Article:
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Crappie fishing can’t be any better!
Another evening living in Pendleton, Oregon what to do? How about some crappie fishing at McKay Reservoir?
When I’m not working as a broker for Sykes Real Estate or running Rapid Print, my printing business, I’m fishing! Catching crappie isn’t tough if you know what to do.
To catch a lot of crappie you don’t need to be professional fisherman, have a $20,000 boat, or a $300 fishing pole and reel. I’ll give you the run down of supplies. I will also give you some pointers to catch crappie in Pendleton’s McKay Reservoir. The fishing tackle and technique will work for most crappie fishing in Oregon. Let’s get going!
Here’s what you need!
5ft Light Rod & Reel Combo I Got at Wal-Mart for $30
4-6 lb test line is all you are going to need for most lake fishing.
So you have a rod and reel now for the good stuff!
The most inportant thing you are going to need is bait and I find crappie jigs are the way to go.
The picture below is of my own crappie jigs. I used an Oregon quarter to show the relative size. I’ve seen people fish with line wrapped around a beer can, but they always had a jig attached to the hook.
Jig Bodies $2-$4 for 25 at Bi-Mart
Crappie jigs come in different colors and sizes, but these are the jigs that I have had the most luck on. The ultimate jig color is a white glow in the dark, but I haven’t used those in a while since the local mini-mart stopped carrying them. If you can find those, snatch them up! If you notice the jigs are not that big and the simple answer to that is, crappie aren’t that big. If I’m looking for a meal, I will catch five, 10-12 inch crappie, but there is no limit on size or quantity, so it’s up to you. Here is a link to ODFW fishing website for fishing regulation!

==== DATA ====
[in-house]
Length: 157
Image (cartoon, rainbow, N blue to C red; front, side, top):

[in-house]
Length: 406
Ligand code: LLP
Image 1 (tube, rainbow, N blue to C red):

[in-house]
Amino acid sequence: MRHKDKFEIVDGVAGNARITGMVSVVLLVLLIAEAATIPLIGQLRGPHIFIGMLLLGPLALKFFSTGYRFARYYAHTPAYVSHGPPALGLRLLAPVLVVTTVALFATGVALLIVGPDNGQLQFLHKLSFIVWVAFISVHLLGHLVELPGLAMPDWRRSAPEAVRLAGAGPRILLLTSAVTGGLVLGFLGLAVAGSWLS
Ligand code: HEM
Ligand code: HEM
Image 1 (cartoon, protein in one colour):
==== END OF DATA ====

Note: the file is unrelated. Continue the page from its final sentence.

Other supplies that I use!
A jig head with hook attached, swivel and bobber. Again, I wanted to show the relative size of the fishing supplies.
Jig Head $2-$3 for 10 Swivel $2-$3 for 15 and Bobber $2-$3 for 10
The jig head with hook goes into the body of the jig. A swivel is used to keep your line from twisting and the bobber is used to keep your bait off the lake bottom. I usually attach a bobber on the fishing line 1-2 feet above my jig or bait, right in the sweet spot. I let the fishing tools do all the work. I like to to relax when I fish for crappie.
How to apply jig head to body of the jig then tie to fishing line!
How to insert jig head in to the body of the jig
Push the pointy end of the hook through the end of the jig body, keep pushing until the hook comes out near the end of the skirt “the wavy pink arms in these pictures.” Make sure you secure the jig into the body all the way or it will come off. I’ve had that happen and wondered why I wasn’t catching anything. After you have inserted the jig head into the body of the jig, next is tying your line to the jig. For this I use one of the most common sport fishing knots.
The Clinch Knot
The Clinch Knot